The campaign is primarily directed at Australians who have access to sensitive information, particularly those working in government, defence industry or academia.

But the campaign has a broader public safety message to alert all Australians to the threat.  It provides practical tips on how Australians can protect themselves and report suspicious online approaches.


The ASIO website ( hosts a Think Before You Link page with the following resources:

  • the Director-General’s introductory video clip;
  • an animation;
  • four printable booklets/flyers—Guide for organisations (booklet), Online networking guide (booklet), Case study (booklet), Online networking guide (flyer);
  • two printable briefing packs—Senior managers and security manager/adviser briefing pack, Staff briefing pack;
  • eight posters; and
  • a wallet card.

Please visit our website (here) to explore these resources, which have been developed for both individuals and organisations to use, and feel free to share our message with colleagues, friends and family.”

Tuesday 8th of December @ 9am 


Deakin University is hosting this year’s Defence and Security Symposium!

Due to the continuing Covid-19 situation, it’s now virtual meaning anyone can attend... and it’s free of charge.

The half day symposium theme is Sovereign capability and threats in a dynamically changing world.

There is an impressive line-up of speakers.


Background to the event and registrations details HERE



The Defence White Paper recognises that a close collaboration between Defence, Industry and Academia is vital to the security of Australia.  In the process this collaboration also works to foster game changing innovation and commercialisation opportunities.

The Defence and Security Symposium (DSS) is an annual event which brings together participants from defence, industry and academia to exchange ideas and information and to connect with decision makers from Defence, academic researchers and industry capability developers.

This symposium aims to bring together subject matter experts from government, industry, and academic to discuss challenges and opportunities in establishing sovereign capabilities pertaining to Defence and Security for Australia.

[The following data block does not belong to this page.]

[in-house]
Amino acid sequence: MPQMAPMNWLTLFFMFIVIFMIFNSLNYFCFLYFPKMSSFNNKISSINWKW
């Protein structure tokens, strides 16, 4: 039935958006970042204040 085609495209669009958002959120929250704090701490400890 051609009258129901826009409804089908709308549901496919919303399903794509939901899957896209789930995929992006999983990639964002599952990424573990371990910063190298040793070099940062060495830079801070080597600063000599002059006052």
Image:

The symposium topics encompass strategic and operational issues related to government priority, industrial complexity, and research intricacy on sovereign defence and security capabilities in the land, sea, air, space and cyber domains.  With rapid advances in smart technologies, the emerging and disruptive cyber-physical threats toward the established sovereign capabilities stand as one of the critical problems to be addressed.

During the symposium, subject matter experts will share expertise and experience, and shed light on policies, strategies, and technologies to undertake the near-, medium-, and long-term challenges in ensuring sustainability of sovereign defence and security capabilities of Australia as well as in defying the ongoing and imminent threats in today’s dynamically changing world.

Please register in advance for this webinar.


Register HERE


The UK-Australia Cyber Security in Space Workshop series, presented by the Satellite Applications Catapult and the British High Commission to Australia, will run from Monday 30 November to Wednesday 2 December, with one-hour online sessions each day and a virtual networking event to close.

These workshops are intended to encourage Australian – UK business engagement and awareness in Cybersecurity and to highlight the opportunities that this area presents in the International Space Sector. Through facilitated discussions with experts in the field, companies will gain knowledge of the current Space-Cybersecurity nexus and the associated cross-sector opportunities (collaborative and commercial) in, and between, the UK and Australia.